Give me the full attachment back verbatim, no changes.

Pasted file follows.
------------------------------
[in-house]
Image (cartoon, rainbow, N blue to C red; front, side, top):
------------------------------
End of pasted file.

[in-house]
Image (cartoon, rainbow, N blue to C red; front, side, top):